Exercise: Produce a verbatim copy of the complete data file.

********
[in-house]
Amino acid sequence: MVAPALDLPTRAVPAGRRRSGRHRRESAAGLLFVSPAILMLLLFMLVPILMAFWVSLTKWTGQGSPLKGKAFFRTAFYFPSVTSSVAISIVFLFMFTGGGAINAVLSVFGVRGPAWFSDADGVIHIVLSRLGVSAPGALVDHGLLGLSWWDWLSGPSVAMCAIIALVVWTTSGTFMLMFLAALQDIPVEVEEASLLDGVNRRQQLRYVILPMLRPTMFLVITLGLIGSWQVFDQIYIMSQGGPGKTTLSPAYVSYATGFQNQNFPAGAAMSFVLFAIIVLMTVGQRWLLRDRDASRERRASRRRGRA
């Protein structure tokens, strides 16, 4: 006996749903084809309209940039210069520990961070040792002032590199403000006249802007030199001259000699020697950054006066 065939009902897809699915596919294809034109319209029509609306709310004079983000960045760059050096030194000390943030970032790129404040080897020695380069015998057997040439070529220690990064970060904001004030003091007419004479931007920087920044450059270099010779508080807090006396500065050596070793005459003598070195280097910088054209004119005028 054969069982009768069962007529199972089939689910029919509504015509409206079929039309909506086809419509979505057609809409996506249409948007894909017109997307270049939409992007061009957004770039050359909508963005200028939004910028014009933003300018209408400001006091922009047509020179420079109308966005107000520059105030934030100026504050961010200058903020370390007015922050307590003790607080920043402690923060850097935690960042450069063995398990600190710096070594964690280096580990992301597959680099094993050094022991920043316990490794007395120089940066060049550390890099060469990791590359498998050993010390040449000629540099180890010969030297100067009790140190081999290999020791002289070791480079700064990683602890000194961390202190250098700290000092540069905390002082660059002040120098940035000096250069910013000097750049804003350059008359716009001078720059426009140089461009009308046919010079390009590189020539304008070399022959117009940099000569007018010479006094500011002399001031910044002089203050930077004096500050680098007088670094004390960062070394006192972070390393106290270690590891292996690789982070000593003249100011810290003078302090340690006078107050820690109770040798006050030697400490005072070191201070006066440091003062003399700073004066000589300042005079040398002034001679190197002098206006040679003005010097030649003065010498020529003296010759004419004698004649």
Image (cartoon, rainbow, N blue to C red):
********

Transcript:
[in-house]
Amino acid sequence: MVAPALDLPTRAVPAGRRRSGRHRRESAAGLLFVSPAILMLLLFMLVPILMAFWVSLTKWTGQGSPLKGKAFFRTAFYFPSVTSSVAISIVFLFMFTGGGAINAVLSVFGVRGPAWFSDADGVIHIVLSRLGVSAPGALVDHGLLGLSWWDWLSGPSVAMCAIIALVVWTTSGTFMLMFLAALQDIPVEVEEASLLDGVNRRQQLRYVILPMLRPTMFLVITLGLIGSWQVFDQIYIMSQGGPGKTTLSPAYVSYATGFQNQNFPAGAAMSFVLFAIIVLMTVGQRWLLRDRDASRERRASRRRGRA
């Protein structure tokens, strides 16, 4: 006996749903084809309209940039210069520990961070040792002032590199403000006249802007030199001259000699020697950054006066 065939009902897809699915596919294809034109319209029509609306709310004079983000960045760059050096030194000390943030970032790129404040080897020695380069015998057997040439070529220690990064970060904001004030003091007419004479931007920087920044450059270099010779508080807090006396500065050596070793005459003598070195280097910088054209004119005028 054969069982009768069962007529199972089939689910029919509504015509409206079929039309909506086809419509979505057609809409996506249409948007894909017109997307270049939409992007061009957004770039050359909508963005200028939004910028014009933003300018209408400001006091922009047509020179420079109308966005107000520059105030934030100026504050961010200058903020370390007015922050307590003790607080920043402690923060850097935690960042450069063995398990600190710096070594964690280096580990992301597959680099094993050094022991920043316990490794007395120089940066060049550390890099060469990791590359498998050993010390040449000629540099180890010969030297100067009790140190081999290999020791002289070791480079700064990683602890000194961390202190250098700290000092540069905390002082660059002040120098940035000096250069910013000097750049804003350059008359716009001078720059426009140089461009009308046919010079390009590189020539304008070399022959117009940099000569007018010479006094500011002399001031910044002089203050930077004096500050680098007088670094004390960062070394006192972070390393106290270690590891292996690789982070000593003249100011810290003078302090340690006078107050820690109770040798006050030697400490005072070191201070006066440091003062003399700073004066000589300042005079040398002034001679190197002098206006040679003005010097030649003065010498020529003296010759004419004698004649």
Image (cartoon, rainbow, N blue to C red):